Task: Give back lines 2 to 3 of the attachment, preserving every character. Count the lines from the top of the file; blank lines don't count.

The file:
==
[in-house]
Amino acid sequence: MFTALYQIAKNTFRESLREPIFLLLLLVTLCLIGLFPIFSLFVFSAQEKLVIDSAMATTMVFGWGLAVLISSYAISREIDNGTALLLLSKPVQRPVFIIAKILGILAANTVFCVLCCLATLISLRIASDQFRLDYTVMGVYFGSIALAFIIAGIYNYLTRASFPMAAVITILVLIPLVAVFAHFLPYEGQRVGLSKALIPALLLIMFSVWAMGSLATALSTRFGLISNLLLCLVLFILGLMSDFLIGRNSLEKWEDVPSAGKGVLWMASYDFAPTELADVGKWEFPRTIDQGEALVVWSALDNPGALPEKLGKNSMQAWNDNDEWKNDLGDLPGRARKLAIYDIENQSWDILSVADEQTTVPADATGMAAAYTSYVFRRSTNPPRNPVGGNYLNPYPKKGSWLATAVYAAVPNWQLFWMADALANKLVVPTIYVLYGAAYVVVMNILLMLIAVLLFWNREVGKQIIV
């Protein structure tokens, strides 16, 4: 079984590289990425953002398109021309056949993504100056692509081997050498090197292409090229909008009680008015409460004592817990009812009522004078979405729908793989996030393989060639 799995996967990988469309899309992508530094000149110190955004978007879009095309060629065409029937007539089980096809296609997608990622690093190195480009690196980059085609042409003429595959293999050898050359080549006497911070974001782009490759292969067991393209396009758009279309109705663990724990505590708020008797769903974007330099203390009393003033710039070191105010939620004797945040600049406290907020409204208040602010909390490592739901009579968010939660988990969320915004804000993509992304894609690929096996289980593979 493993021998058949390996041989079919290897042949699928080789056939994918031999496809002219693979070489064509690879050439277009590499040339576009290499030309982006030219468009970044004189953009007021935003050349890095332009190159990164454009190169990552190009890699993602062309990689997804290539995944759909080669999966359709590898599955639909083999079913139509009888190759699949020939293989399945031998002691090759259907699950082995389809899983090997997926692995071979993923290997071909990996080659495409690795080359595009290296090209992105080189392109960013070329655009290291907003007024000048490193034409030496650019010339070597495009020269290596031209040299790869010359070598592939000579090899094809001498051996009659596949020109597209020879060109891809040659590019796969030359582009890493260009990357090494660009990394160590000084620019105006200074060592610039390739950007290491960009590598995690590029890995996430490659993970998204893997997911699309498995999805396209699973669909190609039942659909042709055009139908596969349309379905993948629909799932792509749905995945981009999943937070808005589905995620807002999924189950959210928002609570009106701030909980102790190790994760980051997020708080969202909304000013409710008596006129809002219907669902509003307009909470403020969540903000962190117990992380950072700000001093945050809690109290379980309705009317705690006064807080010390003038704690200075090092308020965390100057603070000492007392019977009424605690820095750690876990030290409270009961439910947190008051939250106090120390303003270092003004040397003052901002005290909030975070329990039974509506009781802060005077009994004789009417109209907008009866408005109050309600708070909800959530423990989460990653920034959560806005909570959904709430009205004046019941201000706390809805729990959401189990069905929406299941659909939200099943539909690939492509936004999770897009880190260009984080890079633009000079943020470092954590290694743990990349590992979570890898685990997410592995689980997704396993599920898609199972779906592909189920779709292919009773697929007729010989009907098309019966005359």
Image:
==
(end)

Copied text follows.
Amino acid sequence: MFTALYQIAKNTFRESLREPIFLLLLLVTLCLIGLFPIFSLFVFSAQEKLVIDSAMATTMVFGWGLAVLISSYAISREIDNGTALLLLSKPVQRPVFIIAKILGILAANTVFCVLCCLATLISLRIASDQFRLDYTVMGVYFGSIALAFIIAGIYNYLTRASFPMAAVITILVLIPLVAVFAHFLPYEGQRVGLSKALIPALLLIMFSVWAMGSLATALSTRFGLISNLLLCLVLFILGLMSDFLIGRNSLEKWEDVPSAGKGVLWMASYDFAPTELADVGKWEFPRTIDQGEALVVWSALDNPGALPEKLGKNSMQAWNDNDEWKNDLGDLPGRARKLAIYDIENQSWDILSVADEQTTVPADATGMAAAYTSYVFRRSTNPPRNPVGGNYLNPYPKKGSWLATAVYAAVPNWQLFWMADALANKLVVPTIYVLYGAAYVVVMNILLMLIAVLLFWNREVGKQIIV
């Protein structure tokens, strides 16, 4: 079984590289990425953002398109021309056949993504100056692509081997050498090197292409090229909008009680008015409460004592817990009812009522004078979405729908793989996030393989060639 799995996967990988469309899309992508530094000149110190955004978007879009095309060629065409029937007539089980096809296609997608990622690093190195480009690196980059085609042409003429595959293999050898050359080549006497911070974001782009490759292969067991393209396009758009279309109705663990724990505590708020008797769903974007330099203390009393003033710039070191105010939620004797945040600049406290907020409204208040602010909390490592739901009579968010939660988990969320915004804000993509992304894609690929096996289980593979 493993021998058949390996041989079919290897042949699928080789056939994918031999496809002219693979070489064509690879050439277009590499040339576009290499030309982006030219468009970044004189953009007021935003050349890095332009190159990164454009190169990552190009890699993602062309990689997804290539995944759909080669999966359709590898599955639909083999079913139509009888190759699949020939293989399945031998002691090759259907699950082995389809899983090997997926692995071979993923290997071909990996080659495409690795080359595009290296090209992105080189392109960013070329655009290291907003007024000048490193034409030496650019010339070597495009020269290596031209040299790869010359070598592939000579090899094809001498051996009659596949020109597209020879060109891809040659590019796969030359582009890493260009990357090494660009990394160590000084620019105006200074060592610039390739950007290491960009590598995690590029890995996430490659993970998204893997997911699309498995999805396209699973669909190609039942659909042709055009139908596969349309379905993948629909799932792509749905995945981009999943937070808005589905995620807002999924189950959210928002609570009106701030909980102790190790994760980051997020708080969202909304000013409710008596006129809002219907669902509003307009909470403020969540903000962190117990992380950072700000001093945050809690109290379980309705009317705690006064807080010390003038704690200075090092308020965390100057603070000492007392019977009424605690820095750690876990030290409270009961439910947190008051939250106090120390303003270092003004040397003052901002005290909030975070329990039974509506009781802060005077009994004789009417109209907008009866408005109050309600708070909800959530423990989460990653920034959560806005909570959904709430009205004046019941201000706390809805729990959401189990069905929406299941659909939200099943539909690939492509936004999770897009880190260009984080890079633009000079943020470092954590290694743990990349590992979570890898685990997410592995689980997704396993599920898609199972779906592909189920779709292919009773697929007729010989009907098309019966005359």